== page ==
When I was young, I use to love watching game shows. Shows like You Bet Your Life, Truth, or Consequences, and What’s My Line were just a few of the 51 game shows that were on television in the 1960s. But I didn’t want to be a contestant on those TV shows. I wanted to be the game show host where I could ad lib jokes and make people laugh and maybe educate people at the same time. I would not even need a teaching certificate for that job.
At the age of 15, I was asked if I was interested in calling out bingo numbers on Wednesday Nights at the senior citizen center where my grandmother lived. I jumped at the opportunity. Who cared that it did not pay anything. It gave me a microphone and work experience.
I am still not sure to this day if most of the seniors had their hearing aids turned off or if I was too hip for the room (calling the numbers out in Roman Numerals probably wasn’t the best idea), but my work experience as a bingo barker was short-lived. I was forced to hand over my microphone to an 86-year-old resident who opened with “What Happens at bingo stays at bingo”.
Fast forward to the 1990s where I was asked to lead the education and training program for the Washington State Department of Commerce, and I felt the divine calling of Groucho Marx to carry on his legacy.
That is why so many economic development graduates in the Northwest have been contestants in Economic Development Jeopardy, the Site Selector Dating Game, Economic Developoly and everyone’s favorite, Who Wants To Be an Economic Developer?
Even though I am officially retired, I would like to pass this on to the next generation of practitioners. It’s a new game that I learned at the Kitsap Economic Alliance Makers, Doers and Dreamers Conference. Though the target audience is entrepreneurs, the game can be modified for economic developers. The name of the game is Start, Stop, or Continue.
The rules are as simple as the title. For too many years, economic developers have been carrying out the same old strategies: mailing surveys to local businesses, creating promotional items for site selectors, focusing on that one big win, all with the hope of stimulating the economy and growing jobs.
But what economic developers should be doing instead is to take a hard look at their tactics and make a decision to start something new, stop doing something that is not working, or continue to do the things that are creating a positive impact in people’s lives.
I will even help practitioners get started by suggesting activities that can be started, stopped or continued in your community.
- Identifying vacant buildings that can be used as pop up facilities for ups.
- Developing a mentor program for high school students that lead to careers.
- Encouraging apprenticeship and intern programs with local businesses.
- Mapping your assets that can be promoted in and out of your community.
- Organizing local investment opportunity networks.
- Thinking regionally and not just locally.
- Creating a co-working space for ups and small businesses.
- Promoting a business plan competition for students and adults.
- Diversifying your economy by developing a workforce of the future.
- Introducing second stage businesses to the benefits of economic gardening.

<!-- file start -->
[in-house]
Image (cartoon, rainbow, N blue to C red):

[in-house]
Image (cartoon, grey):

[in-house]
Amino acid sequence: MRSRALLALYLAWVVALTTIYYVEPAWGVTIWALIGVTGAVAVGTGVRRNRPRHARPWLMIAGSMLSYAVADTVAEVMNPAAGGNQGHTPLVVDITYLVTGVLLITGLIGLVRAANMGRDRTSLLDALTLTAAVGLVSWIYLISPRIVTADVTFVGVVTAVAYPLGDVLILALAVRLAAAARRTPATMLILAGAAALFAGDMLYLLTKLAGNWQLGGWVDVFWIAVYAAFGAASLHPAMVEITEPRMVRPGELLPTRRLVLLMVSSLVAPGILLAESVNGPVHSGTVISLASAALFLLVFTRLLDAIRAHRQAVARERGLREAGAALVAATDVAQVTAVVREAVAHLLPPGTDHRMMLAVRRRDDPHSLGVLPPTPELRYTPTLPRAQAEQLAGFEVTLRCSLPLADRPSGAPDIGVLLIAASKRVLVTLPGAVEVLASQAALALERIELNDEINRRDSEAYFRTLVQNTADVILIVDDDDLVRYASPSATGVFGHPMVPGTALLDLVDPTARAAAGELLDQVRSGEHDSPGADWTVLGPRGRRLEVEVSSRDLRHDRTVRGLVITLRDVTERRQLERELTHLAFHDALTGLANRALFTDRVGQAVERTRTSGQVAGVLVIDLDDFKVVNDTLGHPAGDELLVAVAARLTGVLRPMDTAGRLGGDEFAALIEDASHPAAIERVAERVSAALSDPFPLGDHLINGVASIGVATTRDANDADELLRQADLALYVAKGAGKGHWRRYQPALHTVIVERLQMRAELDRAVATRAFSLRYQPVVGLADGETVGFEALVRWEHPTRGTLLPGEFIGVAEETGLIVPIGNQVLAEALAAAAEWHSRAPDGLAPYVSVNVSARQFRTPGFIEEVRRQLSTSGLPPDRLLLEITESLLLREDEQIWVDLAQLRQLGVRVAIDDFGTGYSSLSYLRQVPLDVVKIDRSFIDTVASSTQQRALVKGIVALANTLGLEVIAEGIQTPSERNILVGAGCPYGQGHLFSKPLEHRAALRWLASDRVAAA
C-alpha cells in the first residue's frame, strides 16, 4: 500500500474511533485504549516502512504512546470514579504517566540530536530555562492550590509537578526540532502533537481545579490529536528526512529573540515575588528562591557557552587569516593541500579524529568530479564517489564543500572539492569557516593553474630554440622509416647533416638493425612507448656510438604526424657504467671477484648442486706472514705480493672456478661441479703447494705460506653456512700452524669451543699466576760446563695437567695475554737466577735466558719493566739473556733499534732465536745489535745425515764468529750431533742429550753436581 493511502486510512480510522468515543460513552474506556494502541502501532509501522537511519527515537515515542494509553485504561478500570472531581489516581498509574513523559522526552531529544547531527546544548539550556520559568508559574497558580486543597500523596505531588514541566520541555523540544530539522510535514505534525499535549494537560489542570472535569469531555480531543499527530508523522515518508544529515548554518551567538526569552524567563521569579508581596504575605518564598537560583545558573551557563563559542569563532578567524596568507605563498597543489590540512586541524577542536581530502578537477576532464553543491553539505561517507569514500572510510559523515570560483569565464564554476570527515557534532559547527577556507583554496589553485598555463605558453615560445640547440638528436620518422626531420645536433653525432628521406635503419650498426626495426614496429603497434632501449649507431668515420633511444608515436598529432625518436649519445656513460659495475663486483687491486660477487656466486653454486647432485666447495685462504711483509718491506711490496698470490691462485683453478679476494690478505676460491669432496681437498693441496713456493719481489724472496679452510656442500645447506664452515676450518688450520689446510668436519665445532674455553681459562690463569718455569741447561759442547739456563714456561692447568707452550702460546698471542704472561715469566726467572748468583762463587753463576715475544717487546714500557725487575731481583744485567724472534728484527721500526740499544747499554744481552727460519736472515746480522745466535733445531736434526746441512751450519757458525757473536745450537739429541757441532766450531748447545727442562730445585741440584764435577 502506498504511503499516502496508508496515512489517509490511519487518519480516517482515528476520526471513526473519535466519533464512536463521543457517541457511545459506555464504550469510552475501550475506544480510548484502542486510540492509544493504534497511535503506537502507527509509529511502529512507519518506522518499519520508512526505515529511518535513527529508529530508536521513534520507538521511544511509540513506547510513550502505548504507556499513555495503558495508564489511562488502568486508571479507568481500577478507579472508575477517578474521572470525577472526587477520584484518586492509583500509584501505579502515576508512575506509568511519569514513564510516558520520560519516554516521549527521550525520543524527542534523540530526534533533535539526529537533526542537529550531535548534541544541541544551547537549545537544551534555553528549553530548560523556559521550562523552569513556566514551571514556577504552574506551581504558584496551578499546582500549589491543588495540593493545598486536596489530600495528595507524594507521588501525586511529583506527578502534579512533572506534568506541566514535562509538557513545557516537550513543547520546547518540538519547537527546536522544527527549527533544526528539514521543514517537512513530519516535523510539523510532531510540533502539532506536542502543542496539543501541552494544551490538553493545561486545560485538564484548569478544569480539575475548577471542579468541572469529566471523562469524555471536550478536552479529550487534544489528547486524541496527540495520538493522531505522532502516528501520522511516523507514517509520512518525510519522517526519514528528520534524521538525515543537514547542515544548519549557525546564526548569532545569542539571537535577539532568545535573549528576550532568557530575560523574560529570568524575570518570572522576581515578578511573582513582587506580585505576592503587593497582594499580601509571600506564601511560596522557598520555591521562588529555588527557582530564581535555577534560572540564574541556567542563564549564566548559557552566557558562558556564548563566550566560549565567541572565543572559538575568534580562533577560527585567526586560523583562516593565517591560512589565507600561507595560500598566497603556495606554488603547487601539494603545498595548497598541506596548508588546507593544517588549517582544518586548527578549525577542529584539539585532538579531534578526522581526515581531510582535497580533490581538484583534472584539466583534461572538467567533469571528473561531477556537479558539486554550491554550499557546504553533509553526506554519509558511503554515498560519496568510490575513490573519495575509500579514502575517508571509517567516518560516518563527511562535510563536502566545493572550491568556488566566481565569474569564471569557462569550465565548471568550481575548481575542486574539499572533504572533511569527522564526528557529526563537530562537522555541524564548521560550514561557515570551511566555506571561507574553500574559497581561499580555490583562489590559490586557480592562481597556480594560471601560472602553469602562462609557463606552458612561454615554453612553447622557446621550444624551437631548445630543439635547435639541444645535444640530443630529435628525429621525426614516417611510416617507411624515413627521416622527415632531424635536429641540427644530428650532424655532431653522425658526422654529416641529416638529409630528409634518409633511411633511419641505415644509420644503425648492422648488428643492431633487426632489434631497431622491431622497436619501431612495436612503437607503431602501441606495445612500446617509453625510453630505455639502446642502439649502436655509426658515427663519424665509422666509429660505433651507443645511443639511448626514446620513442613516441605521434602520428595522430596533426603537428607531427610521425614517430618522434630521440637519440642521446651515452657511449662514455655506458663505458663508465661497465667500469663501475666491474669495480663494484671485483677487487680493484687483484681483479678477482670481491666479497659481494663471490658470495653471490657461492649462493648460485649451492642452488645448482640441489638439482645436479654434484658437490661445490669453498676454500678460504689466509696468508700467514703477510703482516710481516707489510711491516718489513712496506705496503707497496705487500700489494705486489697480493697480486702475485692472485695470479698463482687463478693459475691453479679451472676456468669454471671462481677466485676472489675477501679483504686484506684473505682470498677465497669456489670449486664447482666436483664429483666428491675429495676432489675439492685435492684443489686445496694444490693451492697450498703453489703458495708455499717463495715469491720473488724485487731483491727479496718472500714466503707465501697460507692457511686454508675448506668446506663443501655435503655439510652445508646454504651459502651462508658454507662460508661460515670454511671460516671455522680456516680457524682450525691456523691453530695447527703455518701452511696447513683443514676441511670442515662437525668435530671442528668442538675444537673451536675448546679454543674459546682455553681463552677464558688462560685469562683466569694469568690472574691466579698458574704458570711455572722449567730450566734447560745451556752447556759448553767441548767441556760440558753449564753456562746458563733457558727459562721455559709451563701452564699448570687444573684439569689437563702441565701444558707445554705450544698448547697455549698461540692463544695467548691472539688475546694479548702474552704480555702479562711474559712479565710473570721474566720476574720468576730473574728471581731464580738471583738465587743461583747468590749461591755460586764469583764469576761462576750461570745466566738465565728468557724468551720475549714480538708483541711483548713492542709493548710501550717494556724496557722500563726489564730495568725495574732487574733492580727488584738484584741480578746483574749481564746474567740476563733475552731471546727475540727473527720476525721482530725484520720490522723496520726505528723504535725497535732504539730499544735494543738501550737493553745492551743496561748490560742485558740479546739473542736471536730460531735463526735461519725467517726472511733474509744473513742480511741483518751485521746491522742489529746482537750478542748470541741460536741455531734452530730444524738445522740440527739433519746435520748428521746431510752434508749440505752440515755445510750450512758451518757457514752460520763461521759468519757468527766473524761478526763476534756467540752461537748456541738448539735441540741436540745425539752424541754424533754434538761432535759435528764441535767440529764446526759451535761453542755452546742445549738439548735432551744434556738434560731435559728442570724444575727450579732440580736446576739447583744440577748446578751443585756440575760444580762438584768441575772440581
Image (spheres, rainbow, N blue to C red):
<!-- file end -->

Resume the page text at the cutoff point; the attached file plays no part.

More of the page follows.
- Preparing a disaster preparation and recovery plan for the community.
- Using metrics that you have no control over.
- Sending SWAG to site selectors.
- Ignoring the value of makers, doers, and dreamers.
- Making excuses for why infrastructure can’t be funded.
- Comparing your community to others.
- Relying on extinct social media.
- Thinking that economic development provides instant gratification.
- Becoming a one-industry town.
- Competing for limiting funds.
- Thinking of getting that one big win and focus on achieving small victories that achieve prosperity.
- Meeting with your downtown businesses to identify ideas that will increase sales.
- Emphasizing career and technical education to at-risk kids and schools.
- Listening to creative ideas suggested in community forums.
- Providing resources for existing businesses and entrepreneurs.
- Seeking sponsorships for programs and events that promote community.
- Working with workforce and community developers and non-profits as partners and not competitors.
- Participating in Global Entrepreneurship Week/Month.
- Researching what has worked in similar communities to yours and implement best practices.
- Recognizing and honoring people/businesses who have contributed to the community.
Are you having fun yet?
Start, Stop, Continue reveals how we can harness the power of a game to boost community success with sustainable growth. It will give practitioners a different perspective of economic and community development to see what works well and how to fix local problems like unemployment, housing, workforce and other community issues. This game may not be cutting edge, but it has the possibility to change the way business, education and the non-profit worlds can work together.
Games like this are important. They are often how we can learn to interact with others, and they are a reflection of the world we live in. In games and in economic development, when we see that things aren’t working, we have to change them.
And let’s not forget to have fun while we are playing this game. After all, games make people happy which is why we engage. Playing this game will be a lot easier than the hard work that citizens and practitioners will need to do to implement the decisions.
That said, almost nothing makes us happier than good, hard work to achieve a goal. In this state of happiness, we think better, are more positive, connect socially and build personal strengths that will lead to a growing an economy.
Now let me get back to being retired…
“The next number is B-36. Do we have a bingo winner yet?”